Trading an addiction for a lifestyle

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Conroe-area man aims to run a marathon a day to stay sober. His aim? To change the view of alcoholics for all of us

Every good run, no matter how long, starts with a single step. Dustin Weaver's first step of his mind numbing journey likely started a decade and a half ago when he started drinking.

"I lost a lot of time," Weaver told us recently in The Woodlands. "There's about 14 years of my life I don't remember. Most people that are alcoholics or addicts they find a way to get it and find a way to do it - it's knowing when to say when and I never knew when."

Weaver, 36, is now almost a year sober and aiming to run a full marathon, 26.2 miles, every day for a full year. Injuries have slowed him some, but Dustin has already completed nearly 50 marathons and many more runs just under the full distance.

Weaver usually runs alone. "It's lonely. This isn't the Forest Gump story where he has followers. Most of my runs I'd say three hours of the day are spent by myself. Out there, there's a lot of time to think."

Weaver is raising money.

See that link here.

He is hoping to raise $50,000 for the Boston-based Herren Recovery & Sobriety project.

That link is here.

Just as importantly helping himself.

"I haven't traded one addiction for another addition. I traded one addiction for a lifestyle." On any given day you can find Weaver running in The Woodlands or near Conroe. Usually alone and lost in thought, "I don't know if I know what it is yet, but I feel like I am giving something like maybe I am taking the load off some people who are struggling. Maybe I am saying give me that, let me carry on my back while I am out there running."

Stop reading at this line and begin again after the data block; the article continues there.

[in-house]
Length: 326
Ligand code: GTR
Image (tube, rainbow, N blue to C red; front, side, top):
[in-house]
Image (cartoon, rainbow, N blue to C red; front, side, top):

Four months in, his body is suffering, "Let me give back to you through my story, my emotions and my actions. - breathes deeply - My right knee is shot, this knee is all swollen." Kidney pain forced him to pull out of a 100 mile race Saturday after running 30 miles.

Despite all that, he says the mental pain is tougher, "It's mentally, physically and emotionally very hard. I wish that somebody could step inside my body and feel what I feel - not just physically but emotionally going through the whole process. It's not what I expected. I expected something, but I didn't expect it to be this hard."

Dustin hopes to finish in February at the Boston Marathon. But that is so far ahead. So many more marathons, so many more days of sobriety and neither are guaranteed.

"I'm not counting the days. I'm counting today. I am sober today. That's what I am going for to be sober today and sober tomorrow and sober the next day, but I am living for now. Just get through this day, sleep, recover and worry about the next day when I put my first step on the ground."

You can get updates and much more info on Dustin at his Facebook page.

Follow that page here.
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